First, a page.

"The general plumage is very sober, being a pure ashy olive, with a purplish tinge on the back; the crown of the head is beautifully glossed with pale metallic violet, and the feathers of the front extend as much over the beak as in most of the family. The neck and breast are scaled with fine metallic green, and the feathers on the lower part are elongated on each side, so as to form a two-pointed gorget, which can be folded beneath the wings, or partially erected and spread out in the same way as the side plumes of most of the birds of paradise. The four long white plumes which give the bird its altogether unique character, spring from little tubercles close to the upper edge of the shoulder or bend of the wing; they are narrow, gentle curved, and equally webbed on both sides, of a pure creamy white colour."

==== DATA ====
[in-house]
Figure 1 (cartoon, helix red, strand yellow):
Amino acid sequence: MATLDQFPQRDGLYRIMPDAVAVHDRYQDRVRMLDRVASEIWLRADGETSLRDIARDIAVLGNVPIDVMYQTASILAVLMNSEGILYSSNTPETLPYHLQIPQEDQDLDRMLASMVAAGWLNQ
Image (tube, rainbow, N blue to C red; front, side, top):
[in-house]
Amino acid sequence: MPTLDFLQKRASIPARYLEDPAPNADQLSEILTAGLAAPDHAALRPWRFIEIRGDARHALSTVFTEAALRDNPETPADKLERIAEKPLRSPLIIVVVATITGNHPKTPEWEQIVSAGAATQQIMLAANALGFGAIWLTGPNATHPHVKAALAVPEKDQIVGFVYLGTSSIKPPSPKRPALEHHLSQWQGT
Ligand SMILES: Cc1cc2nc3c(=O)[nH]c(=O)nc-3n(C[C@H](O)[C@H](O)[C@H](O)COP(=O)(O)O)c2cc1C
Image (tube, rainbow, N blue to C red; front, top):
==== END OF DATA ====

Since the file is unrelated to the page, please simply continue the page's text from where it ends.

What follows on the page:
Gray's note in the Proceedings of the Zoological Society (1859) is shown below.

Here below is Sclater's (1860) plate showing Semioptera wallacii.

and here, the illustration in The Malay Archipelago (1869).

After a journey last October in search of the birds of paradise in the highlands of Papua New Guinea, I wanted to see this standardwing for myself.

I set off from Kuala Lumpur (on the evening of 7th March 2019) in the direction of Halmahera Island (eastern Indonesia) to look for the bird. Flights to Jakarta and then on to Ternate were followed by a speedboat ride to Sofifi on Halmahera and a drive to Weda on the east coast.

Here below is a view of the area, looking towards the east, with Papua New Guinea on the horizon.

View showing Ternate, Tidore, Bacan and Halmahera islands with the location of the standardwing encounter near Weda on the east coast of Halmahera indicated

On the drive from Sofifi (a neat town with flowers planted along the roadsides) to Weda we saw endemic long-billed crows and the also endemic blue-and-white kingfisher. Here below is the view of the east coast of Halmahera overlooking the town of Weda.